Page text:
Walter Harrison Cites Fairness In Defending NCAA's APR Reporting Process

This will not be another exercise in tearing down the NCAA or UConn. This will stand as Walter Harrison's rebuttal to people like me who argued that not only are the latest academic data the fairest data, the implementation of the latest data is entirely feasible.

UConn's final shred of hope to play in the 2013 NCAA basketball tournament disappeared Friday when the Committee on Academic Performance (CAP) reaffirmed its current policy on data collection.

Some will continue to argue UConn was the victim of double jeopardy in the shifting NCAA landscape, twice punished for the same academic shortcomings and thrice punished because the NCAA hates Jim Calhoun. Others will argue UConn was the victim of its own neglect, consumed by a national plague in which athletics supersede education. Argue all you want, folks, it's officially over. Waivers were requested and denied. Appeals were filed and rejected. Ding. Ding. Ding. Count the Huskies out at least until 2014.

My one remaining question — an answer I swore I'd chase to the end — was specifically why couldn't the APR numbers from the 2011-2012 school year be used to determine who could play in the 2013 tournament. If they had been, with UConn rebounding in the classroom, the Huskies would be eligible.

When the NCAA announced last October that it was banning schools from the 2013 tournament as a penalty for falling short of an APR score of 900 over a four-year period or 930 for a two-year period — both periods ending in 2010-2011 — even Harrison said it would be better to have consequences of behavior tied to the year most recently reported.

"We couldn't do it and still be fair," Harrison, University of Hartford president and CAP chairman, said Tuesday. "We looked at a bunch of models with the idea of could we speed this up because it would be a little fairer to student-athletes. In the end, all the things we looked at as alternatives would do more harm than good.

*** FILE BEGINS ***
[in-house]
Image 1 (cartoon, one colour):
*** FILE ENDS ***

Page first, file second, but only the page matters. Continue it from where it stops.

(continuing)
"As a committee we were convinced what we have now is better than any change we could make to the system."

How convinced?

"It was unanimous," said Harrison, who pointed out a Big East voice, Villanova athletic director Vince Nicastro, was on the committee that met in Indianapolis. "And all of our votes are not unanimous."

Harrison said the CAP looked at six models, including the status quo. Under the current system, each athlete earns one retention point for staying in school and one point for being academically eligible each semester. The retention issue weighed heavily in this.

"A significant number of students use the summer to get their grades up or get the number of credits they need," Harrison said. "And you cannot count a retention point until the fall semester. You have to know if they are back and on the team."

Most schools use a census date, Harrison said, often six weeks after the start of class. A census date is the date a university counts its students as officially enrolled. With students changing classes, working out financial aid problems, etc., the initial enrollment numbers are notoriously unreliable. Enrollment data submitted to the state, the manner budgets are done, all employ census date data.

"On the West Coast, primarily, there are still a number of schools that don't start until late September, early October and they are quarter schools," Harrison said.

Many are in the Pac 12 — Stanford, Washington, Oregon, UCLA, Oregon State. Harrison estimated 10 percent of the schools overall are on the quarter system.

"It's not a large number, but we want to be fair to everyone," Harrison said. "And that means some census dates aren't until early November.

From there, Harrison said, it takes about six more weeks for NCAA staff to examine all the data.

"There are frequently mistakes by the schools, not intentional," Harrison said. "When a Division I institution has 20 sports, there are a lot of athletes. The [NCAA] staff told us the earliest they could be reasonably satisfied it was all accurate, was early January."

And that's when fair process enters the stage.

"We believe strongly that although we can be reasonably certain of the data, we can make mistakes," Harrison said. "Schools should have an opportunity to make their cases."

Harrison said the two-level appeal process can take roughly six weeks and that takes you into March. The NCAA Tournament starts in March.

CHICAGO